Lake Oswego School District commissions safety and security audit
The Lake Oswego School Board commissioned a report from True North Consultants regarding securities services at district facilities, and at the July 15 school board meeting representatives from True North presented their findings, suggestions and national trends related to vulnerabilities of school buildings from a security perspective.
"You are very proactive and you're taking security seriously," True North Executive Security Consultant Michael Rozin told the board. Rozin said that the LOSD has already put into place many of the security measures they suggest, calling the district's recent improvements "unprecedented."
These improvements include the installation of safety vestibules which control traffic in and out of school buildings and the implementation of a digital visitor management system called Raptor.
Rozin explained that there is no perfect solution when it comes to security of a public institution. "The strategy is to identify the most critical risk and invest your money there," he said. Rozin and True North Chief Operating Officer Tony Chonkowski did walk-throughs of district schools and interviewed principals and staff members to help them identify possible risks. They also reviewed district policies and interviewed personnel at the district level.
They also identified what the most critical assets are on school grounds. "What are those critical assets in each in every school, what are we protecting them against?" Rozin said. "The center of it all is the human factor."
Rozin explained that there are three different types of potential motivations for threat actors: idiosyncratic, criminal and ideological. Idiosyncratic threats include workplace violence, domestic violence, disgruntled students and incidents due to mental health factors. Criminal threats include violent crimes and property crimes. Ideological threats include "homegrown violent extremists" and actors motivated by hate and/or bias.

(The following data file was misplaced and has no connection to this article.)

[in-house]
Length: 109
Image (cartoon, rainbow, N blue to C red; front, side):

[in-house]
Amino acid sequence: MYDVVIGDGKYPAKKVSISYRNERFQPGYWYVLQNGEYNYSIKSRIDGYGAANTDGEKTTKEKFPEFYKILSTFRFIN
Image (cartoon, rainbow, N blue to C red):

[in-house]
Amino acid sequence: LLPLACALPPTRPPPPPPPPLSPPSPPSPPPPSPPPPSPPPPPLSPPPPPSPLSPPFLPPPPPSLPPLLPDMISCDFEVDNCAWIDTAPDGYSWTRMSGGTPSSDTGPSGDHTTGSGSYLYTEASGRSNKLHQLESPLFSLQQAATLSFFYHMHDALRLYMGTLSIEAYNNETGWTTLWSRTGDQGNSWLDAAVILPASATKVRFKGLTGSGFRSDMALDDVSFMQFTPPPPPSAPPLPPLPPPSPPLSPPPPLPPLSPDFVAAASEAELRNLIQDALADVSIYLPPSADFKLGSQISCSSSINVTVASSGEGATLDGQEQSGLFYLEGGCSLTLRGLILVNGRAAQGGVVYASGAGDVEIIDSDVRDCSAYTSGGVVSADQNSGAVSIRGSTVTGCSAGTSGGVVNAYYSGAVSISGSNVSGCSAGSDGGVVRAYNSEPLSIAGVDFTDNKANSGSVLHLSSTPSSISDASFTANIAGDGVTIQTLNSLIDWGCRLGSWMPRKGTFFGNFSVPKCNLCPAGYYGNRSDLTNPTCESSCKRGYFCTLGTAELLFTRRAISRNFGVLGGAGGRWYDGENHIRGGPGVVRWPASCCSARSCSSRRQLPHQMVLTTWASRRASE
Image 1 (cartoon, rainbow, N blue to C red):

"Idiosyncratic acts can be motivated by a range of personal factors and triggering events, including serious mental illness and emotional instability," Rozin said. "We've seen an unprecedented spike in the frequency of those incidences."
Rozin said that although Lake Oswego is a very safe place from a crime standpoint, there is no direct correlation between the level of crime and idiosyncratic acts. "The majority of the threat actors actually come from within the school," Rozin said. "We have seen that statistically over the years."
However, the LOSD has implemented security measures on its own accord, and quickly acted on True North's recommendations. "Some of the (recommendations) were already acted on, which is absolutely incredible," Rozin said. "What was lacking was a district security department. You've already implemented this recommendation, even before this meeting."
In May the LOSD appointed former Lakeridge Assistant Principal John Parke to the new position of safety and security administrator. Parke is responsible for safety and security initiatives across the entire district, including establishing and enforcing safety and security policies and training, completing accident prevention efforts, supporting risk management efforts and playing a critical role in emergency management for the district.
True North's audit also recommended enhanced training, deployment and utilization of security resources, including School Resource Officers (SROs). Thanks to the 2019 Learning Levy, the LOSD was able to hire a second SRO, LO Police Officer James Euscher, who will be on campuses in the fall.
Rozin also suggested that the district put further focus on an emergency preparedness program and develop an enhanced incident, suspicious activity and community reporting system. He also suggested using "strategic physical hardening" or strengthening the exterior of the building to help stop threats, as well as improving building surveillance.
Board chair Rob Wagner thanked Rozin and True North for their work because of the necessity of student safety at school. "We know that if children go to school hungry or with housing insecurity or without health...they have a really hard time learning," Wagner said. "The anxiety around safety is the same thing."
Wagner also thanked citizens who voted for levy, "because that goes directly into the safety as our students."
Rozin also suggested implementing a behavior threat assessment program to help prevent potential violent acts. Student school board representative Eli Counce told the board that while behavior threat assessment program is necessary, it's not always a perfect solution. "In my research of active shooter situations in the past, a lot of worrying social media posts and interactions with peers were reported to behavior threat assessment, but there were never followed through on," Counce said. "After we identify someone who we think may be a threat, there needs to
be steps of action after that."
Rozin said Counce was absolutely right. If information is received in a silo, it is limiting. "Many programs we work with stop short of having a deliberate plan for what happens next," he said.
"One of the important things is not only having the threat assessment process, but having the technology and tools that allow your community at large, students and parents, to report suspicious activity in one centralized place that can not only catalogue it, but trend it in real time."
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